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  • The state controls professional and technical schools through the regents' examinations of candidates for admission to such schools and to the professions, determines the minimum requirements for admission to college by the regents' academic examinations, maintains the large State Library and the valuable State Museum, and occasionally makes a gift to a college or a university for the support of courses in practical industries; but it maintains no college or university that is composed of a teaching body.

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  • The Committee had, in fact, a definite policy before them for execution; a policy by no means in harmony with the professions of liberty and equality for all Ottoman subjects upon which the revolution had been accomplished.

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  • Devout Moslems became alarmed at the tendencies of the Committee; at the free-thinking professions of members and their general rejection of the Prophet; still more at the innovations advocated in Turkish customs and in the Mahommedan faith.

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  • The new nationalism of 1848 did not deprive the Jews of political rights, but it denied them both the amenities of friendly intercourse and the opportunity of distinction in the university, the army and the professions.

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  • In 1907 the government announced their intention of modifying the electoral system in Saxony by the adding of representation for certain professions to that of the three classes of the electorate.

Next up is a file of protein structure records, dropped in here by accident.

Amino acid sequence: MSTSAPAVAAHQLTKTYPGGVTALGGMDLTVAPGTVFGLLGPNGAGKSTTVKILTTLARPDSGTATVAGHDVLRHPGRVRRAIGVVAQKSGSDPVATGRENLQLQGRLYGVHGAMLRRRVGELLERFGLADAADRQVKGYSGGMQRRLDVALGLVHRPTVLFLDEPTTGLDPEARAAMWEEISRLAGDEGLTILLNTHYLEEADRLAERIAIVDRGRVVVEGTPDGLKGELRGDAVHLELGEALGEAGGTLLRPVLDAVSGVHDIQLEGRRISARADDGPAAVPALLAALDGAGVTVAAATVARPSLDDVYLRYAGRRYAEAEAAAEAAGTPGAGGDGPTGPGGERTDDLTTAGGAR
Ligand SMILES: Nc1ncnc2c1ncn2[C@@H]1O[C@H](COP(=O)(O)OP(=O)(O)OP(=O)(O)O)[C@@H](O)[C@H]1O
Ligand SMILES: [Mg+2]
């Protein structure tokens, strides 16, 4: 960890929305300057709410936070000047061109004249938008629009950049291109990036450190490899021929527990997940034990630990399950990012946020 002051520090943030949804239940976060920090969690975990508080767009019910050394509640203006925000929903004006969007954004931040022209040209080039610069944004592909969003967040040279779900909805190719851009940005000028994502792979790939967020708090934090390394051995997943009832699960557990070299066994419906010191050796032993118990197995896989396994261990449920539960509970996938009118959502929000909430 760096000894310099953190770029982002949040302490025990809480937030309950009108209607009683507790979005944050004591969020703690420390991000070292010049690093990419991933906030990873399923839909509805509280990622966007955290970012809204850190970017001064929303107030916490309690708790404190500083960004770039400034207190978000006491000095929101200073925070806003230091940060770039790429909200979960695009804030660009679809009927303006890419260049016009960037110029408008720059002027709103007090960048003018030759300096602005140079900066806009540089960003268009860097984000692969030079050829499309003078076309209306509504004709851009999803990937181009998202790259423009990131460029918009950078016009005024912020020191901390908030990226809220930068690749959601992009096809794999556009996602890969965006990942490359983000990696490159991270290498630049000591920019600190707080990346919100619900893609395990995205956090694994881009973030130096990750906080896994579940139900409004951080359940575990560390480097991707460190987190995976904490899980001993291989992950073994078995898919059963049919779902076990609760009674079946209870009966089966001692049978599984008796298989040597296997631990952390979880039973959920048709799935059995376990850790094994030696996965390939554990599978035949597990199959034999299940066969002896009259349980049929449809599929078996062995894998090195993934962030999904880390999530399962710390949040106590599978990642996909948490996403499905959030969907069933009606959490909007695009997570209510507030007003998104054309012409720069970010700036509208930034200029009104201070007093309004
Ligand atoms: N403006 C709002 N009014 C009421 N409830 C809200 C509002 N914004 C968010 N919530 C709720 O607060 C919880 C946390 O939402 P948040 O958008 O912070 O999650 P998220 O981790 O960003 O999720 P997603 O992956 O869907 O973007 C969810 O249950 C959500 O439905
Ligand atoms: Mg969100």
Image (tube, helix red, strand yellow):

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  • At the Ecole Militaire youths are trained nominally for the army, but many go there who intend to enter one of the professions or the public service.

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  • Politically women are now the equals of men, and there is nothing legally to prevent a woman occupying any position in the various professions or in the administration of the State.

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  • The Czartoryscy, of all men, were bound by their principles and professions to set their fellow citizens an example of fraternal concord.

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  • POLLOCK, the name of an English family which has contributed many important members to the legal and other professions.

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  • Scranton is the see of a Roman Catholic bishop, has a good public school system, and is the seat of the International Correspondence Schools (1891), which give instruction by mail in the trades and professions to large numbers of students; Mt.

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  • The Acolhuas bad at first the advantage, but Ixtlilxochitl did not follow up the beaten Aztecs but allowed them to make peace, whereupon, under professions of submission, they fell upon and sacked the city of Tezcuco.

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  • They repeated their professions of loyalty to his majesty and the principles of the English Constitution.

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  • At the same time the fears of the more sober and respectable citizens were allayed by Otho's liberal professions of his intention to govern equitably, and by his judicious clemency towards Marius Celsus, consul-designate, a devoted adherent of Galba.

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  • established and in full possession of the religious houses, the universities, and the learned professions.

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  • divided; Aradus, Simyra, Sidon supported the rebellion; Ribhabad, the vassal of Byblus, and Abi-melech, king of Tyre, held out for Egypt; but while all the towns made professions of fidelity, they were scheming for their own interests, and in the end Egypt lost them all except Byblus.